As president, George Washington desired tablewares that would strike a stylistic balance between appearing too regal and not being sufficiently dignified enough to impress foreign dignitaries. In March 1790, he purchased a 309-piece service from the departing French minister, the Comte de Moustier. Moustier had acquired most of these porcelains from the royal manufactory at Sèvres in 1778, then added pieces from the Angoulême and Nast factories over the next decade. All are minimally decorated with gilded rims. Such understated elegance matched Washington's preference for neat and plain, while offering his guests fashionable French porcelain with a possible subtle reference to ancient white marble statuary and republican ideals.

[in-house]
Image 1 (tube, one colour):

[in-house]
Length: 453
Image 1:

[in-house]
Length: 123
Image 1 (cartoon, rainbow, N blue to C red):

Circular molded plate with a scalloped rim and shallow foot ring. Rim features six large scallops separated by two smaller ones, and is decorated with a gilded dentate (dent-de-loup) border.

One of seven dinner plates, W-2130/A-G.

Alternate name for this from includes: service plate.




Porcelain (hard-paste), gilt


Overall (Diameter of rim): 1 1/4 in. x 9 3/4 in. x 9 3/4 in. (3.18 cm x 24.77 cm x 24.77 cm)
Overall (Diameter of foot): 6 1/8 in. x 6 1/8 in. (15.56 cm x 15.56 cm)

Credit Line

Purchase, 1956


Overglaze mark painted on bottom (in blue): factory mark or cipher of intertwined Ls surmounted by a crown, four dots to the lower right. (Crown indicates hard paste porcelain; and the dots are the gilder's mark). Underglaze incised mark perpendicular to factory mark and hole in foot: "CC" (potter's mark).

Object Number


Colors (Beta)

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